Chapter 8 is about the Golden Age of China and the beginning of Chinese dynasties. The kids were excited to do history. We do it once a week, but when it comes back around, it’s like they have not done it in a long, long time. They are happy to be reunited with this subject. They were a bit under the weather, so I decided I would not require them to color and work on the maps just yet. But my daughter was disappointed. She wanted to color while she listened. I obliged and provided the pages and crayons.
They were both surprised by the way Chinese discovered gunpowder, printing and other things. They answered the questions very well. I did not ask for a narration this time, seeing that they both were fighting a head cold.
As far as crafts, they all seemed too messy. Sorry. All except making rice and teaching them how to eat with chopsticks, which is what we ended up doing the next day. By the way, cooking Chinese (or Asian) from scratch is not that complicated. If you can boil water, you can make rice. If you can stir some veggies in a pot in a bit of water or oil or soy sauce, you can make stir-fry.
We like brown rice, but we still have some white rice around the house and we figured we should use it up even though it is not as nutritious. I like frozen stir-fry veggies, but I never use the sauce packet. Instead, I use Bragg’s Liquid Aminos. (affiliate link) It is more delicious than soy sauce and a whole lot healthier.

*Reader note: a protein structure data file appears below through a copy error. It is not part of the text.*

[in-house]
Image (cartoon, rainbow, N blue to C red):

I used a rubber band and a rolled up piece of paper to make the chopsticks act like tweezers. The kids got the hang of it pretty fast, especially after I told them what I learned from a Korean friend of mine a long, long time ago: keep the chopsticks horizontal, not vertical.
Use them to sort of slide food from the plate to your mouth. And never, ever, stab your veggies with your chopsticks. It is a major offense.
It seems you are all having a good time :)….We started SOTW vol. 1 and the kids like it (of course we need to explain the “fairy tales” as the kids call them :)…..What do you do for narration? you just ask your kids to share the story in their own words ? I have the activity book as well and saw the narration part, but maybe I didn’t find the place where it say how to use it…..
The Activity Book contains samples of narration you might expect from the children. They give you two examples, which I find useful. I just do the questions these days. But on a day when I feel inspired and brave and like we have the time, I turn to my son, who is my oldest, and say, “Can you tell me the story we just read in your own words?” He starts talking and I just nod. If he gets stuck on a detail, I wait a bit. I don’t jump in to help him right away. He likes to do his own work. He does not summarize the story in three sentences. That’s why I said above “if we have the time.” My son is a story teller and he will describe a lot of details from the story. It is an interesting exercise though, and I am always surprised by what sticks with him and what does not.